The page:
Random Items On A Thursday
— Remember that joke from yesterday’s mega-post, about how I left for vacation and no one on the football team got into a serious car accident, unlike last year?
Yeah, well, turns out there WAS a major car accident during my vacation involving State’s football team: Defensive coordinator Mike Archer and his wife narrowly escaped serious injury or worse when an idiot plowed into the back of their car in late June (from WKYT):
Former UK defensive coordinator Mike Archer is one lucky man. So is wife Barb.
That’s because the couple escaped serious injuries after the car they were traveling in was involved in a terrible rear-end collision in late June.
Archer, now the defensive coordinator at North Carolina State, and his wife, were returning to their Carolina home after spending the week in Cincinnati, where son Jeff was married on June 26.
Somewhere on I-64, between Huntington and Charleston, West Va., the Archers were stopped because of road construction. Stuck behind a tractor-trailer truck, Mike noticed an approaching car in his rear view mirror. When he realized the vehicle wasn’t stopping, he instructed his wife to “duck.” He may have saved their lives.
The collision shoved the Archer car into and under the semi, smashing in the roof of their vehicle.
Local emergency workers used the Jaws of Life to free the couple, who were treated at an area hospital for cuts and bruises.
Now before any of you knuckleheads get any bright ideas of tossing me over the ship bow to save the Wolfpack athletics department, a la Jonah and The Whale, it should be noted that this was our seventh family vacation. So if you think about it, horrific football team car crashes have only happened, like, 29% of the time I’m away. No biggie, right? We cool?
— The good folks over at Tomahawk Nation were kind enough to compile a spreadsheet of how every team in the ACC’s defensive drives (i.e. when the opponent is on offense) concluded in 2009. It’s broken down by those that end in a punt, score or turnover, with additional details on points allowed.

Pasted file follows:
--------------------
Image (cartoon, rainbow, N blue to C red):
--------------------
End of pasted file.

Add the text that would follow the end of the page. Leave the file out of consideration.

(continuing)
State fared the worst in the league defensively by far: the Pack stopped the fewest number of drives (45), forced opponents to punt the fewest number of times (27), allowed the most scores (51), most total points (316.10), most points per drive (3.29) and the 2nd-most points per scoring drive (6.20).
Translation: when our opponents had the ball, they rarely punted, scored often and usually put up touchdowns against us. More distressing: State forced the second-fewest interceptions of any team in the league (6). Wasn’t that the whole driving force behind installing a soft zone in the first place, to generate turnovers with defenders reading the QB?
— John McCargo’s switching from defensive tackle to defensive end with the Bills, hoping for a fresh start. His NFL biological clock is ticking.
— WVWolf over at StateFansNation has once again come out of his stat-filled bunker to post another excellent rundown, this time a spreadsheet-laden comprehensive review of how State’s entire athletics department did for the 2009-2010 school calendar year. (Hint: It’s not pretty.)
You can also get current Technician Sports Editor Tyler Everett’s take on the latest Director Cup standings here. (Hint: It’s not pretty, either.)